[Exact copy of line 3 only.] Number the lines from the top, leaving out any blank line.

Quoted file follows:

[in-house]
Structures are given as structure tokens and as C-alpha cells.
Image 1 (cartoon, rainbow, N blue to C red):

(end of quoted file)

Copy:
Image 1 (cartoon, rainbow, N blue to C red):